Speakers include Robert Gagnon and Sherry Holt, among others. Gagnon is a notoriously anti-LGBT theologian, who has repeatedly linked homosexuality to pedophilia and called homosexuality “harmful” and “unhealthy.” Homosexual relationships “are repulsively contrary to nature…and comparable to, or more likely worse than, the worst forms of adult-incest,” he has said. He also has called on society “to end the cycle of homosexual behavior.”
Holt claims to be a “former lesbian” who is a facilitator at “Journey to Freedom,” a group based in Louisville, Kentucky for women “who struggle with relational brokenness.” Holt claims she was “brought out” of lesbianism through a “miraculous, tangible encounter with Christ.”
Help 4 Families is part of the Restored Hope Network. They call themselves a “Christ-centered ministry compassionately reaching out to individuals and families who are experiencing the challenges and heartbreak of transsexuality.”
National Organization for Marriage
The National Organization for Marriage held its annual “March for Marriage” event in Washington, D.C. on June 11. Attendance at NOM events has been steadily declining since 2015. That year perhaps 6,000 participants attended, while in 2016, only a few hundred showed up. The count for 2017 was around 50, amidst what NOM president Brian Brown claimed were scheduling and permit troubles.
The event has been bolstered in the past by church-sponsored buses bearing attendees and a larger contingent once bussed in by New York State Senator Ruben Diáz, but this no longer appears to be the case. However, members of the anti-LGBT group American Society for the Defense of Tradition, Family, and Property attended this year.
Speakers at the event included Brown, who exhorted attendees not to be discouraged by low numbers and claimed that, “we are on the side of true human rights, we are on the side of true civil rights." Brown said he was going to continue to work to overturn Obergefell, the 2015 Supreme Court decision that granted marriage equality. Longtime NOM strategist Frank Schubert also spoke, calling the Obergefell decision “anti-constitutional” and “illegitimate.”
NOM continues to court anti-LGBT African-American pastors. Denise Walker of Everlasting Light Ministries in Minnesota spoke at the event, and said that the “gay rights movement is ungodly, it is from the pit of hell.”
Pray in Jesus Name Project*
Gordon Klingenschmitt of the Pray in Jesus Name Project* was in Lone Tree, Colorado and interviewed British politician and member of the European Parliament Nigel Farage, who was the keynote speaker at a National Asian Indian Republican Association gala and dinner June 17, at the Marriott Denver South (Lone Tree). Farage, former leader of the anti-immigrant and anti-Muslim right-wing populist party UKIP who helped orchestrate the anti-immigrant Brexit movement, is a “person of interest” in the investigation into possible improper ties between the White House and Russia.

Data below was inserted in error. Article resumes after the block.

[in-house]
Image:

Klingenschmitt, who calls himself “Dr. Chaps,” served one term in the Colorado state house as a Republican. A former Navy chaplain, he was reprimanded for violating Navy rules about appearing at political events in uniform. The Navy declined to recertify him and he was discharged in 2007 following the controversy. He appealed the decision, but lost.
His brief tenure as a lawmaker was marred by controversy and he was stripped of a committee position at one point. He ran for a seat in the state senate in 2016 but lost in the Republican primary.
Klingenschmitt has a long history of anti-LGBT statements that run the gamut from conspiratorial to outlandish and harmful. He has a penchant for claiming opponents are “demon-possessed” and recently claimed that demonic spirits are using the Disney film Beauty and the Beast to recruit children into homosexuality. He also claimed that LGBT people are trying to adopt the children of heterosexuals to “recruit” them into “the homosexual lifestyle” and that LGBT people have something “nonhuman” and “demonic” in them. In May 2017, he expressed outrage that the Air Force Academy chapel in Colorado Springs is closing for four years for repairs, and he blamed it on the nomination of a lesbian, Col. Kristin Goodwin, as Commandant of Cadets at the Academy.
Restored Hope Network
The “ex-gay” group Restored Hope Network held its annual conference June 16-17 in San Diego. RHN claims to be a network of over 55 Christian ministries, pastors and counselors in the United States, works to “restore hope” to those “broken by sexual and relational sin especially those impacted by homosexuality.” RHN is one of the largest groups in the country that still believes people can “leave homosexuality.”